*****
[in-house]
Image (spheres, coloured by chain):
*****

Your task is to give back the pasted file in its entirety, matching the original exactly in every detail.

[in-house]
Image (spheres, coloured by chain):